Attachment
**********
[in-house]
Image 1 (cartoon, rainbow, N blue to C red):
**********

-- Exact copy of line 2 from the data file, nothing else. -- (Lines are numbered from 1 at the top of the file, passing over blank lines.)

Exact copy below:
Image 1 (cartoon, rainbow, N blue to C red):